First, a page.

Fantasy and reality unite in this effervescent critique of celebrity culture.
Rating: 4.0/5.0 stars
Directed by Ron Lagomarsino
Written by Jonathan Tolins
Starring David Turner
Runs April 9 to May 10
Location: The Old Globe
There has never been a play with so much Barbra Streisand, while lacking in actual Barbra Streisand. In fact, she has become such an icon that Jonathan Tolins wrote a play — half daydream, half commentary — about her basement. But admittedly, it is an extraordinary basement.
Early in the play, you are warned that it is indeed fiction. This is necessary to understand the absurdity of the premise. The play takes place under Barbra Streisand’s mansion in Malibu, the home of an underground Victorian-style shopping mall. In her cellar, she has built Bee’s Doll Shop, an antique clothing store, a Gift Shoppe and a frozen yogurt machine — all documented and fully photographed in her book “My Passion for Design.” That’s the real part.
Playwright Tolins was fascinated by the idea of this underground mall and asked, “What if Babs hired someone to work there?” This is where the play becomes fiction. Alex More (David Turner), an actor whose last job was mayor of Disneyland’s ToonTown, is hired to work in the private mall. Alex is insecure and often starstruck as he begins his new and completely unique profession. The play is his recounting of a tentative friendship with the diva and opens discussions on what it means to be a celebrity and themes of obsession.
Turner is the star of the show — the only star actually. For 105 minutes, he alone holds the audience’s attention on the circular stage. But without his performance, the bizarre premise would completely collapse. He not only plays Alex, but also acts as Barbra Streisand, Streisand’s house manager Sharon, Alex’s boyfriend Barry and James Brolin, Barbra’s husband. At the beginning, Turner, out of character, says he doesn’t do impressions or voices, he just is Barbra. It’s a one-man show, but with the clever script and nuanced acting, it might as well be fully casted. From his posture to the Brooklyn accent, Turner’s Barbra is spot-on and hilarious. His portrayal of Barry, Alex’s extravagant boyfriend, is intense and eccentric while showing off an immense acting range. The transitions from character to character, though fast-paced, are made smooth and obvious by his subtle changes in voice, bearing, tone and expression.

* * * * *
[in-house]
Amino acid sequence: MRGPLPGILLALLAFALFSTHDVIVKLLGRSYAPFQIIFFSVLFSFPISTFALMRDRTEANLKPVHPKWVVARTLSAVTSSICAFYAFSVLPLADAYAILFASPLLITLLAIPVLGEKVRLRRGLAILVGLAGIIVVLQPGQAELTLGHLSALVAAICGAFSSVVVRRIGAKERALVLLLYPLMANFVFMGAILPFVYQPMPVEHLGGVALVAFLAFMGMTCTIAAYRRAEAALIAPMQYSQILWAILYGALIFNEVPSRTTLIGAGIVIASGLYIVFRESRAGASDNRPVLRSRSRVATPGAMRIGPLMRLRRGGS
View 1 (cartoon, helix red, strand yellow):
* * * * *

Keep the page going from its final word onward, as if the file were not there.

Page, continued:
To highlight Turner’s flair for the comedic and dramatic, the script is filled with clever lines and aphorisms. Turner accentuates Tolins’ talent for making the absurd seem real and hides any weak parts of the script. It is, in many ways, a gay version of “Waiting for Godot,” in which Godot actually shows up in the form of Barbra Streisand. Although Turner is alone on stage throughout the play, the audience feels the stretches of loneliness when Alex is left in the basement. After Barbra fails to show up for days, Alex begins to question the sheer preposterousness of his job and any chance of a relationship with the infamous diva.
Throughout the play, Tolins cleverly and respectfully treats his characterization of the real Barbra Streisand. Although she is the butt of some jokes and subject to some criticism, he portrays her simply and compassionately as a woman who does her best to be perfect. However, it is chock-full of allusions and references to actors, actresses, Streisand’s ex-husbands and movies from 50 years ago that will go over many people’s heads. Sometimes, you only know to laugh because the elderly woman, who bought Streisand records before she was famous and mainstream, next to you is chuckling. To fully appreciate the jokes, brush up on your Barbra Streisand history.
By the end of the play, it is hard to make a judgement on Streisand for her eccentricity or her divine celebrity. Tolins does his best to make all the dialogue seem completely genuine and succeeds for most of the play. The greatest oddity of the play arises from the fact that, though absurd, the premise is also completely plausible due to the strange nature of celebrities, from whom the peculiar is expected.